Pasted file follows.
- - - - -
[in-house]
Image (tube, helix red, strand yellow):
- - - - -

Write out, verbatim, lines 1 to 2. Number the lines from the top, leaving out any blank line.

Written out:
[in-house]
Image (tube, helix red, strand yellow):